Tag Archives: Prohibition

Alcohol Professor: Lady Day on Swing Street

2015 is the centennial of two of the most important figures in American music and the history of New York. We took care of Frank Sinatra already on Alcohol Professor, so now it’s time to bow down to the woman he said was the most influential artist in his life and in modern American music history. Lady Day on Swing Street is a two part look (part one here, and part two here) on Alcohol Professor at the life and career of Billie Holiday, the Harlem Renaissance, and the rise and fall of Swing Street and Greenwich Village jazz clubs.

A Limited Cocktail

When America jumped headfirst into the ocean of folly that was the Volstead Act and Prohibition, the dedicated drinkers of the United States found any number of ways to respond to the madness. Over in Paris, ex-patriots drinking at the epicenter of the modern cocktail scene, Harry’s New York Bar, lifted their glasses in salute to their luckless countrymen who were forced underground and, in some cases, out beyond the three-mile limit that marked the offshore end of the US border. Three miles out, you entered international waters, and the powers of the US government to take your drink away vanished. So enterprising imbibers took to the high seas to enjoy their libations. Over in France, it seemed only appropriate to commemorate this new breed of seafarin’ revelers.

And so Harry’s bartender Chips Brighton paid tribute to Prohibition in the most fitting way he could: by creating a cocktail called The Three-Mile Limit.

Three-Mile Limit

  • 1 tsp Grenadine
  • 1 dash lemon juice
  • 2/3 Brandy
  • 1/3 Bacardi Rum
  • Shake well and strain into cocktail glass.

When the US government got tired of people hopping on boats and sailing three miles off the coast to legally booze it up, they responded by passing a law that extended the border to twelve miles off the coast — which, I guess, means determined nautical drinkers had to invest in slightly more gasoline, or you had to find yourself a slightly more accomplished captain. The cocktail world responded by beefing up the Three-Mile Limit in similar fashion, giving birth to both the Twelve Miles Out, which appeared in the essential Savoy Cocktail Book by legendary bartender Harry Craddock (who himself relocated to London during Prohibition), and the better known (relatively speaking) Twelve-Mile Limit, reportedly created by journalist Tommy Millard. Despite both saluting the limits of the reaches of Prohibition, the two drinks are fairly different:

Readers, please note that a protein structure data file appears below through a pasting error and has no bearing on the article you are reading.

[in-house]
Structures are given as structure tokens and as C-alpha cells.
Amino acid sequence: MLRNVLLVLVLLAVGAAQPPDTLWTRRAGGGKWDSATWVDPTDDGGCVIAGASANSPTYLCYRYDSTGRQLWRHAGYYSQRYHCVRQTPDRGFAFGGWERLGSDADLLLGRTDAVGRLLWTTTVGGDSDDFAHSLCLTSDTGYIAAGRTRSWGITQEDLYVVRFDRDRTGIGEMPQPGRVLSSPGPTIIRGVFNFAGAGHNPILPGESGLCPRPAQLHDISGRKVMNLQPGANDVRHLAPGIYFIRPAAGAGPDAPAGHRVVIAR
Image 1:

Twelve Miles Out

  • 1/3 Bacardi Rum
  • 1/3 Swedish Punch
  • 1/3 Calvados
  • Shake well and strain into cocktail glass. Squeeze orange peel on top.

Twelve-Mile Limit

  • 1 oz White Rum
  • 1/2 oz Rye
  • 1/2 oz Brandy
  • 1/2 oz Lemon Juice
  • 1/2 oz Grenadine
  • Shake with ice and strain into a cocktail glass. Garnish with a lemon twist.

Where the agents of Prohibition pushed the limit by tacking on nine more miles (interestingly, that limit was only a threat — albeit an enforced one — until 1988, when Ronald Reagan made it official law), cocktail creators pushed the limit by adding rye whiskey to the mix. This being a Prohibition era cocktail, the rye would have been Canadian. However, I don’t think anyone will fault you for substituting a superior American rye these days, just as I don’t think anyone will tsk you for choosing a rum other than Bacardi. For your rye, try Sazerac Rye or Bulleit Rye.

In general, the Twelve-Mile Limit is considered the the stronger and better balanced of the cocktails, relatively speaking. I’ve tried the Twelve-Mile Limit as mixed by bartender Vince at Ward III. Prohibition era cocktails are not for everyone, mind you, and what’s one drinker’s pleasure is another’s horror. A friend with exquisite taste in cocktails found the Twelve-Mile Limit to be utterly dreadful. I love it, likely because the lemon juice pushes the flavor toward another personal favorite, the French 75. It is very lemony, though, and very sweet, so if you don’t favor drinking a highly alcoholic Lemonhead, you’re probably going to be chalking this one up to historical experience. I’d say any good Repeal Day celebration (December 5) calls for sampling both the Three- and Twelve-Mile Limits, and you might as well have yourself a Twelve Miles Out as well, just to be safe.